I have been thinking a lot about returning soldiers. Worrying about them and listening intently whenever Paul Rieckoff is on t.v. talking about IAVA and veteran’s issues. He was the guest on one of the WNYC podcasts on my iPhone, so I listened on the plane out to San Francisco. I also checked my email, and there was a message from the academic vice president announcing the creation of a task force on welcoming returning veteran’s back to Fordham.

Then, just to continue the theme, once at the conference, I saw that San Franciscan Dave Eggers was speaking on a panel on war writing. I loved Heartbreaking Work, advised a thesis on McSweeneys. Though I know it’s fashionable to turn up my nose at Eggers, I actually think he’s amazingly cool. I’d love to be the one to have founded 826 Valencia, to have resisted all that rampant snark. At the panel, the moderator interviewed Eggers about What is the What and then six veterans read from the work they had done in Maxine Hong Kingston’s writing group. They spoke about their book, Veterans of War, Veterans of Peace. It was deeply moving.

They spoke about listening to difficult stories, telling them, and not asking stories to turn out to be inspirational or moving or redemptive. They read a wonderful Tim O’Brien quote to the effect that if you feel redeemed at the end of a war story, you have been lied to.

At the book exhibit, then, I bought A Soldier’s Heart, Elizabeth Samet’s account of teaching at West Point. So far, I find that she capitulates too much to the military perspective for my taste. But she is smart and I’m learning about military culture from it.

All of which to say that I think I’ve found my way in. Maybe nothing will come of it; maybe something will. But I’m going to write to my university’s committee and see if they will think about writing and reading as a piece of the veteran’s program. I don’t know what will come of this, but perhaps this can be a way for me to contribute… We’ll see.

Monday, March 16, 2009

When You Were Small

I was in San Francisco over the weekend at the CCCC (the National Council of Teachers of English’s big Conference on College Composition and Communication). It’s a HUGE conference, held this year at the downtown Hilton, much bigger than the MLA.

But of all the many books I read, bought, and acquired over the weekend, the one that’s haunting me is a children’s book that I didn’t buy: Sara O’Leary (text) and Julie Morstad (illustrations)’s enchanting When You Were Small. I ran across it at an amazing little store of letter press cards, books, and ephemera, Little Otsu, across Valencia from both 826 Valencia and Range where we had a GREAT dinner.

Little Henry asks about what it was like when he was small and his dad tells him a series of wonderful, fanciful lies: you had a pet ant, we used you as a chess piece, you used to take baths in the teapot... Don’t you remember?

The haunting and detailed illustrations and the dry humor make it a tender little Edward Gorey fable. There’s a second book, too, and Morstad has some ABCs as well.

I’m urging the Easter Bunny to fill the girls’ baskets with these books this year! You can see their titles at the lovely Simply Read Books website. Julie Morstad's drawings are at Canada's Atelier Gallery. And Sara O'Leary has a blog.

Monday, March 09, 2009

Frog and Toad Are Friends

I’d like to sing a little ode
about my good friend Toad,
Toad with whom I frequently take tea.

He’s not so good at sports,
and of course he’s got those warts
but Toad has been a lovely friend to me.
We took the girls to “A Year with Frog and Toad” at the Atlantic on Saturday. It was so adorable—nearly as good as last year’s awesome “Really Rosie.” The Atlantic’s children’s theater is so great. First, it’s affordable ($50 for 4 tickets—that’s practically free in NYC terms). Then, the theater itself, an old brick church, is both grand and homey. It makes the matinee into an occasion. (Pics here.)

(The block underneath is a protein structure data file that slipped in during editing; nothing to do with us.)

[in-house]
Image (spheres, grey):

But the songs are so charming. The opening song of friendship is all charm: admitting that one’s friend has warts but “has been a lovely friend to me” captures many deep and important ideas about friendship all in one: flaws, “loveliness”—that gentle, important, grounding quality, and then “to me,” because friendship is ours and special: it doesn’t matter if you don’t get it, he’s been my friend.

My kindergartener was delighted that some of the episodes she knows from her I Can Read books were featured in the show.

And the song, later in the show, about the pleasure of eating cookies is totally exuberant and joyous: Like the happiest love song ever, but song to the pleasure of gorging on cookies!
Eating cookies
Eating cookies
We’re so happy eating cookies
Cookies cookies cookies we adore….
The children were rapt.

I was interested to see Mark Linn-Baker thanked in the program. I always loved that silly sitcom, “Perfect Strangers,” and I liked him in it. It made me happy to think of him as a working actor, supporting this little venture.

But this morning, downloading the soundtrack for the kids on iTunes, I see that he originated the role of Toad on Broadway (the baby’s hands-down favorite character; the big girl just loved it all). What’s more, his wife Adrianne is the daughter of Arnold Lobel, the author of the Frog and Toad books. So three cheers for Mark Linn-Baker! And three cheers for great children’s theater in Chelsea.

Their run was extended for 2 weeks: this coming weekend is the last: call quick to reserve your seat!

PHOTO: Ahron R. Foster from the Playbill site.

Monday, March 02, 2009

Exasperation and Elevation

Ed Champion asked me to participate in a roundtable on Eric Kraft's new novel, Flying. (It's actually a trilogy, bound together into a very big book). I am a big fan of Ed's & I am, occasionally, nostalgic for the days of the Litblog Co-op, so I said YES.

The first installment of five is up at Ed's place.

It's a very weird book, one that I found exasperating and fascinating, as you'll see when I weigh in (at a late phase in the conversation). The conceit, however, is really interesting: a boy in the 50's builds an aerocycle, based on improbable plans from a mechanics magazine, and flies it from Long Island to New Mexico. As you might expect, the aerocycle doesn't fly, BUT many people want to believe that it does and the boy is simultaneously buoyed and ruined by keeping alive the fiction of himself as a pilot. The book we have in our hands purports to be the record of the much older man today, striving to write a memoir that sets the record straight.

There's a lot that's funny here, but the book is a spot too long for me. In any case, do pop over to Ed's blog throughout the week and listen in.